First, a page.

# Jackson Question

Can someone explain to me how Jackson, on page 42 of the 3rd ed. of Classical Electrodynamics, when he is deriving the interaction energy $$W_{int}$$ in his example involving two point charges, gets from equation (1.57) to (1.58). I thought about typing up the TeX but I'm sure most of you have this book. I know he makes that substitution he mentions but I'm not sure how to go about doing that. Help!

## Answers and Replies

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Born2bwire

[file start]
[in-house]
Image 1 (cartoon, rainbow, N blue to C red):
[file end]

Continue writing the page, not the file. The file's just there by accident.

Gold Member
I keep my copy of Jackson at the office and not at home. I do not need him to pervade my life any more than is possible.

Redbelly98
Staff Emeritus
It's just a straight substitution: Solve for $\mathbf{x}$ in terms of $\mathbf{\rho}$, and substitute. If you get stuck, post your work and we'll be able to help you better.